What happened to Abraham Lincoln’s party?
What happened to the Republican party Abraham Lincoln helped shape in the years prior to the election of 1860? Would the President who knew all too well what happened when this country was torn apart recognize his party today? Would he understand why they seem so determined to divide this country now? Would he stand and applaud their efforts? Or would he be stunned and wonder why they had not learned from the past? Would he wonder whether his death and the deaths of all who died during those four years were in vain if once again a political party, this time his party, seeks to tear apart the country?
From his First Inaugural Address:
The Government will not assail you. You can have no conflict without being yourselves the aggressors. You have no oath registered in heaven to destroy the Government, while I shall have the most solemn one to “preserve, protect, and defend it.”
We are not enemies, but friends. We must not be enemies. Though passion may have strained it must not break our bonds of affection. The mystic chords of memory, stretching from every battlefield and patriot grave to every living heart and hearthstone all over this broad land, will yet swell the chorus of the Union, when again touched, as surely they will be, by the better angels of our nature.
From his Annual Message to Congress December 1, 1862:
Fellow-citizens, we cannot escape history. We of this Congress and this administration, will be remembered in spite of ourselves. No personal significance, or insignificance, can spare one or another of us. The fiery trial through which we pass, will light us down, in honor or dishonor, to the latest generation. We say we are for the Union. The world will not forget that we say this. We know how to save the Union. The world knows we do know how to save it. We — even we here — hold the power, and bear the responsibility… We shall nobly save, or meanly lose, the last best hope of earth. Other means may succeed; this could not fail. The way is plain, peaceful, generous, just — a way which, if followed, the world will forever applaud, and God must forever bless.
From his Second Inaugural Address:
“With malice toward none, with charity for all… let us bind up the nation’s wounds.”
The current political climate, with right-wing Republicans and Tea Party members using rhetoric that sounds very much like a call for a possible revolt against the government, and the current disparity between those who “have” and those who “have not” and the Conservative elements of the Republican party’s refusal to support any type of assistance to the working class, are far from the ideals set forth in the first Republican Party platform.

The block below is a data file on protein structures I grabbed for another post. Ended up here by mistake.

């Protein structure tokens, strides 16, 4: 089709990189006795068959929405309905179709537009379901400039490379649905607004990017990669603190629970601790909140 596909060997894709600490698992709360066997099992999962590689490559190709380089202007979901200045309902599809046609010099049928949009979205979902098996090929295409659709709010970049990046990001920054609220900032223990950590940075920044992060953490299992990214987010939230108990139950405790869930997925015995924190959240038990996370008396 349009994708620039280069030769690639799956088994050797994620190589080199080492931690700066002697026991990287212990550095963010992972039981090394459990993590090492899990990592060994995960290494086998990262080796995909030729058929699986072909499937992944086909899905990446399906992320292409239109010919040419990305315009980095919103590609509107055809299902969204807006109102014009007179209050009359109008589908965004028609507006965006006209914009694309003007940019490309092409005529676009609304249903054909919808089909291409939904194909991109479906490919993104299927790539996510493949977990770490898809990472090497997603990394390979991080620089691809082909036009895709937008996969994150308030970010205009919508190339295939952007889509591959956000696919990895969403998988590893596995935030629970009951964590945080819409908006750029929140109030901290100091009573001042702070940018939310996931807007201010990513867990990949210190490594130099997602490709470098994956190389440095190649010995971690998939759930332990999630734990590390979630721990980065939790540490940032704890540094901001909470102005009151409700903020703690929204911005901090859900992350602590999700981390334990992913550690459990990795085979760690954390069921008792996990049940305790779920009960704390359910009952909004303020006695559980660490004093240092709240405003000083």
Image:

That the maintenance of the principles promulgated in the Declaration of Independence and embodied in the Federal Constitution, “That all men are created equal; that they are endowed by their Creator with certain inalienable rights; that among these are life, liberty, and the pursuit of happiness; that to secure these rights, governments are instituted among men, deriving their just powers from the consent of the governed,” is essential to the preservation of our…institutions; and that the Federal Constitution, the Rights of the States, and the Union of the States, must and shall be preserved….
…we hold in abhorrence all schemes for Disunion, come from whatever source they may…and we denounce those threats of Disunion, in case of a popular overthrow of their ascendency, as denying the vital principles of a free government, and as an avowal of contemplated treason, which it is the imperative duty of an indignant People sternly to rebuke and forever silence.
…we commend that policy of national exchanges which secures to the working men liberal wages, to agriculture renumerative prices, to mechanics and manufactures an adequate reward for their skill, labor, and enterprise, and to the nation commercial prosperity and independence.
…The party is opposed to any change in our Naturalization Laws or any State legislation by which the rights of citizenship hitherto accorded to immigrants from foreign lands shall be abridged or impaired; and in favor of giving a full and efficient protection to the rights of all classes of citizens, whether native or naturalized, both at home and abroad.
… Finally, having thus set forth our distinctive principles and views, we invite the coöperation of all citizens, however differing on other questions, who substantially agree with us in their affirmance and support.
Then the Republican party was pro-equality, pro-labor and pro-immigrant. They were also the party that passed the 14th Amendment which expanded, not limited, voting rights. So what happened? Ironically, Civil rights happened. White Southern Democrats who still retained the same racist views as their ancestors the plantation owners and other whites who fought for the Confederacy in the Civil War refused to accept the push for racial equality and/or obey the laws being enforced to try to ensure that equality.
They refused to give up on the legacy of white superiority and laws that sought to keep segregation and severely limit voting rights based solely on race. They stopped referring to themselves as Democrats and were known for awhile as Dixiecrats before finally moving into and taking over the Republican Party. Their influence has grown tremendously over the years and their voices have drowned out the voices of Northern Republicans who believed in and held on to the ideals of the party of Lincoln.